Special teams can make a difference in who goes home with the win and who suffers the defeat.
Simply put, the receiving team’s job is to advance the kick-off return as far down the pitch as possible. With a couple of key blocks, put the ball in the end zone. Setting up these key blocks begins with the wedge.
The wedge, as we all know, is a wall of players that the returning man fences behind in hopes of finding the opening that can propel him to large yards or a 6-point return.
The kicking team sends down its rushers and wedge busters, running at full speed, risking their life and limbs as they hurl their bodies at the players making up the wedge. Sometimes the wedge busters are successful, stopping the big run backs. However there are many times that they are not, allowing the great momentum to change course backwards. A momentum that can change the outcome of the game.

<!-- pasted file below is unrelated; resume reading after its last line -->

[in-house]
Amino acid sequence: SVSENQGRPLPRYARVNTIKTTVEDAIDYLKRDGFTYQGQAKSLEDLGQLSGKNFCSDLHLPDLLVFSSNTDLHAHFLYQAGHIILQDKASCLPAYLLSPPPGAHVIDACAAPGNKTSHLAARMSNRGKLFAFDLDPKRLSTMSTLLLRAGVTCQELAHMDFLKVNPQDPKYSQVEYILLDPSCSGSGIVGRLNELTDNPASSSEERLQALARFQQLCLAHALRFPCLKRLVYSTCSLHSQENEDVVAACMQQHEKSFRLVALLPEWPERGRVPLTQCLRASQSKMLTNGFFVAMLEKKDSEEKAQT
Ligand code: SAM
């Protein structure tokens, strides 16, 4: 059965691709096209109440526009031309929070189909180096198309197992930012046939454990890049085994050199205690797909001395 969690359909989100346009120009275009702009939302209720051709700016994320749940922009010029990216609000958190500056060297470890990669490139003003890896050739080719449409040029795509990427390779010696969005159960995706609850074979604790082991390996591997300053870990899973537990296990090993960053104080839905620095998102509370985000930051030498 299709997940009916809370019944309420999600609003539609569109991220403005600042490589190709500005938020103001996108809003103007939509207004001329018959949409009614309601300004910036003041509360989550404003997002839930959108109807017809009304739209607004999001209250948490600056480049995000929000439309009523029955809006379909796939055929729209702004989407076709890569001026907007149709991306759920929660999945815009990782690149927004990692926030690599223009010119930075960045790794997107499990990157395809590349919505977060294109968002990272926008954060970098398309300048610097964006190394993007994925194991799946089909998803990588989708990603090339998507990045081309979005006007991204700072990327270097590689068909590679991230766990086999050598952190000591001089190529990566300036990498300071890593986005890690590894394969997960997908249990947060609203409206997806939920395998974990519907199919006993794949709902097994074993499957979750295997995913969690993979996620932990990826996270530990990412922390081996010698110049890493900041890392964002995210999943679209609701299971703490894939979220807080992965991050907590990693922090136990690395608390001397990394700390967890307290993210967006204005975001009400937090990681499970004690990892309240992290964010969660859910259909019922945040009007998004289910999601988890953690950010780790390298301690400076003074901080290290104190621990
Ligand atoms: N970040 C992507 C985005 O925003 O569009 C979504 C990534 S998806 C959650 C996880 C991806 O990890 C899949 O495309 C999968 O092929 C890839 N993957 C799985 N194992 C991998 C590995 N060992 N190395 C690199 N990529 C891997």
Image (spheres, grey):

How do we become more effective at breaking the blockade of returning teams? Don’t try to overwhelm or knock down blockers. Instead divide the blockers.
Run straight to the blocker at full speed, sell him for the fact that you intend to run over him. No matter how skilled and practiced he is, at the last moment he will be preparing for impact. Rather than making head-to-head contact, split blockers, run between them taking the best angle for the ball carrier. Not only do you reduce the risk of injury for yourself, but you’ll often find yourself in position to make the tackle, interrupting a long kickback kickback and pushing away any momentum-changing throwbacks, like a 6 pointer.